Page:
Thread: Lightning While In a Hammock

1. I was one of the many who asked the same question , it would seem (lol) that lightning would follow the chunkiest mass . So if it struck a tree that you were attached to in theory it should stay in that mass and run out into the ground...in theory.
What I would worry about is this : Any tree has an abundance of water inside it , when lightning hits a tree it immediatly vaporizes the water content of the tree turning it into steam , the steam has no where to go but out which creates an "explosion" . If the tree is small enough in diameter it could create shrapnel of varying sizes , all of which would be wizzing through the air faster than a bullet .
To be honest , lightning scares me the most outside.....so I have tried to educate myself about it , google lightning strikes in forrest areas and notice the trends....always keep things higher than you and your feet off the ground....like Shug and Hickery say...it only hurts if you live..LOL!!!

2. Lighting is very predictable, if you know the hundreds and hundreds of variables that influence it's actions.

Since, I don't really know/feel like doing some of these calculations in the backwoods (who knows the specific electrical resistance of wood ... I don't!) you will have to guess, but it is sill pretty predictable. Electricity always follows the path of least resistance, so you don't have to worry so much about being electrocuted in your hammock, it would take so much more for electricty to travel down one tree, through your hammock, through you, then back down the other tree to the earth (it's destination) instead of just continuing through the tree. This is another reason why birds can sit on power wires, and why you could too, as long as you don't touch the ground. The moment you touch the ground it becomes so much easier for the electricity to travel through you into the earth instead of the kilometers of wire it has to travel.

That said, lighting can still affect your environment! I'm sure it could be particularly dangerous if it struck your trees!

3. Lightning is scary, beautiful and can kill you.
So can a falling tree or a bear or a mountain lion or a lake if you drowned in it.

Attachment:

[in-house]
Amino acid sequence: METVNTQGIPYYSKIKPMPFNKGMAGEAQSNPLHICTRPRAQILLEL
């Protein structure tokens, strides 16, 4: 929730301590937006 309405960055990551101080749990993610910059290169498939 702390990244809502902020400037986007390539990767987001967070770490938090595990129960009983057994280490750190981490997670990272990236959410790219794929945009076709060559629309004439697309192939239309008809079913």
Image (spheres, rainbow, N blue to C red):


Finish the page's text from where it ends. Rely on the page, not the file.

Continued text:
On a recent trip....Hickery and I were beguiled by a lightning storm and took our chances. Crazy? Yes.
Worth it? Oh Yeah!
*** We had a bail out plan but it would have come closer for us to implement it.
Shug

4. Originally Posted by Shug
Lightning is scary, beautiful and can kill you.
So can a falling tree or a bear or a mountain lion or a lake if you drowned in it.
On a recent trip....Hickery and I were beguiled by a lightning storm and took our chances. Crazy? Yes.
Worth it? Oh Yeah!
*** We had a bail out plan but it would have come closer for us to implement it.
Shug

God forbid anyone got hit by a falling bear or mountain lion....

5. Originally Posted by Stan
God forbid anyone got hit by a falling bear or mountain lion....
They are quite dense and would squash a feller.....

6. Originally Posted by Shug
They are quite dense and would squash a feller.....
AND speaking of such an accident!

Bizzare bear accident!

7. Originally Posted by Hawk-eye
AND speaking of such an accident!

Bizzare bear accident!
All I can say is WOW.

8. Originally Posted by Hawk-eye
AND speaking of such an accident!

Bizzare bear accident!
Haaaa.....even though I did not know it....I know of what I speak. Or type in this case.
Shug

9. I was just walking the woods by my cabin (20 year old pine) and saw a lot of trees that had recently been struck this spring. Most of them just exploded on the top and left about 15' remaining. I don't what kind of shrapnel is created, but they don't seem to ever explode down to the roots...

10. Lightning hit the flag pole at work, blew the top off, it flew quite a distance, and it uprooted all the plants around it on the ground.. Pretty impressive..